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Blessing Falade | Class of ’18 | February 26th, 2016

Michelle Alexander’s book, The New Jim Crow, is a call-to-action for our nation to draw attention to the role of the criminal justice system in perpetuating and developing a racial hierarchy in the US. Many applaud Alexander for her work but refuse to validate her label of mass incarceration as a racial caste system. Yet it is difficult to deny the statistics and evidence that Alexander uses to support her argument. As I read through her work, I was captivated by the intensity and conviction in Alexander’s writing as she highlighted the racialized social control, the creation of crime in the prison system and the birth of an “underclass” of people who become so ostracized from society that they are forever exiled to a life of inferiority and never in reach of the “ladder opportunity.” Once again, the “American Dream” proves unattainable for a large part of our country.

Alexander compares the segregation that spurned the civil-rights movement as a phenomenon that has been replaced with crime, especially the drug offenses that have led to the explosion of incarceration rates in the US. The “drug war” that people use to justify the troubling, exponential rise in the incarceration rates, is composed of 80% marijuana and not the hard, dangerous drugs to which we associate with these frequent arrests. I wonder exactly how it came to be that we accepted a particular stereotype for the drug criminal. Alexander is quick to dispel the common notion of blacks comprising the vast majority of drug dealers by bringing to light the reality of whites as the actual majority in the sale of drugs. Perhaps one of the most intriguing points that Alexander emphasizes is the re-legalization for the discrimination of deemed criminals in various sectors –employment, housing, voting, educational opportunities and exclusion from jury service. She stresses that the elimination of the racial caste in America will only stem from the major social movement. The question this begs is, what are the steps to moving toward the dismantlement of mass incarceration in the US?

For the last two decades, one of our nation’s most beloved cities (also known for its “underground economy” characterized by the prevalence of drugs), New York City, has experienced a steady decline in its crime rates. Between 1990 and 2011, the homicide, robbery and burglary rates sharply declined and the city’s decreased its prison and jail rates by 28%, rates incongruent to the increased incarceration rates by 65% of the nation. It is statistically evident that NYC has adopted an alternate solution that is not the immediate incapacitation of individuals. New York City’s new tactics included the appointment of more officers who would map and analyze crime statistics to identify “hot spots” and target them by concentration their patrol and detective units. They shut down many of the open-air markets which mitigated 90% of drug related killings. Many of the factors that are attributed to the prevalence of crime in New York, such as the educational disparities, illegal drug use, single-parent households, are still very much present in the city. However, the city has somehow found feasible strategies that proves beneficial to its residents.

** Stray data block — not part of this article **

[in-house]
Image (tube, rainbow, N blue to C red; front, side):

As more ethnographers, sociologists and writers expose the “myths of mass incarceration”, it is imperative for our nation to lend an ear and actively push back against the misconceptions presented to us through various outlets. Alexander sheds light on the dehumanizing and racist means of social control that is integral to the criminal justice system in our nation. Her call-for-action is for the awareness of the individual and the intentional eradication of mass incarceration from the nation as a whole.